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Comment author: Jayson_Virissimo 10 April 2017 03:45:35AM 0 points [-]

...deontological responses (DRs) seem to be equivalent to responses that demonstrate cognitive biases in non-moral situations. For example, the omission bias favors harms of omission over less harmful harms caused by acts, in both moral and non-moral situations (Ritov & Baron, 1990). This similarity suggests that the DRs arise from some sort of error, or poor thinking. Much evidence indicates that the cognitive processes supporting moral and non-moral judgments are largely the same (e.g., Greene, 2007). If this is true, the question arises of what sort of thinking is involved, and when it occurs.

[Link] Explanations of deontological responses to moral dilemmas

1 Jayson_Virissimo 10 April 2017 03:43AM
In response to comment by gwillen on LessWrong Discord
Comment author: gwern 14 March 2017 03:22:11AM 0 points [-]

No IRC :(

In response to comment by gwern on LessWrong Discord
Comment author: Jayson_Virissimo 14 March 2017 04:17:42AM 0 points [-]

IRC is near the center.

Comment author: Jayson_Virissimo 21 November 2016 02:07:03AM *  6 points [-]

This could be a great technique for adding structure to internet discussions, but this algorithm says more about which debate team has more time on their hands, than which arguments have been refuted or not.

Comment author: Val 06 November 2016 10:57:52AM 3 points [-]

For many people, religion helps a lot in replenishing willpower. Although, what I observed, it's less about stopping procrastination, and more about not despairing in a difficult or depressing situation. I might even safely guess that for a lot of believers this is among the primary causes of their beliefs.

I know that religious beliefs on this site are significantly below the offline average, I didn't want to convince anyone of anything, I just pointed out that for many people it helps. Maybe by acknowledging this fact we might understand why.

Comment author: Jayson_Virissimo 07 November 2016 03:06:23AM 3 points [-]

I've noticed something even more general: people that have a well-defined philosophy of life seems more motivated and resilient to setbacks or tragedy than those who lack such a self-narrative. But this appears to be the case even for philosophies of life which have tenets that contradict (or at least stand is strong tension with) each other in important ways, such as Christianity, Objectivism, Buddhism, Stoicism, etc...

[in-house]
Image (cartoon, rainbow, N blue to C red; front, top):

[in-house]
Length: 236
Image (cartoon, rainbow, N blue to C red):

This is pure anecdote, and obviously the people I come in contact with are not even close to a random sample of humanity, so I'd very much like to be pointed towards a more systematic study of the phenomena (or lack thereof).

Comment author: MrMind 03 November 2016 03:08:00PM 0 points [-]

Isn't this a ripoff of Slate Star Codex take on voting?

Comment author: Jayson_Virissimo 04 November 2016 12:56:30AM *  0 points [-]

Trying to calculate the expected value of voting goes back at least to public choice economists in the 1960s.

Comment author: Jayson_Virissimo 16 August 2016 03:30:56AM 0 points [-]

I like your failed arguments section. IMO, frequent reminders about the phenomenon of using "arguments as soldiers" is one of the most straightforward and effective ways to encourage a higher levels of rationality in ourselves and others.

Comment author: James_Miller 07 August 2016 08:26:05PM 3 points [-]

I think eradication would appeal more to Trump than Clinton so there is a higher marginal value in attempting to persuade him. Trump supporting eradication would at least put the issue in serious political play. Finally, I'm a Republican and if somehow I managed to contact someone on team Hillary she would likely Google me and quickly determine I was a political enemy and so would at best ignore my proposal.

Comment author: Jayson_Virissimo 13 August 2016 07:56:32PM *  1 point [-]

Have you already tried getting the idea through to Trump via a backchannel like Scott Adams (some of Trump's staffers pay attention to him), who takes cost-benefit style arguments seriously?

Comment author: Jayson_Virissimo 07 August 2016 07:28:47PM 1 point [-]

Most prediction markets give Hillary Clinton an advantage over Donald Trump. In general, if one candidate comes out in favor of something, the supporters of the other candidate will be more likely to oppose that thing (all else equal). Doesn't this suggest attempting to get Clinton to come out in favor of eradicating mosquitos is the better strategy?

Comment author: Jayson_Virissimo 01 August 2016 04:13:38PM 3 points [-]

Beginning to reason is like stepping onto an escalator that leads upward and out of sight. Once we take the first step, the distance to be traveled is independent of our will and we cannot know in advance where we shall end.

-- Peter Singer, The Expanding Circle: Ethics, Evolution, and Moral Progress

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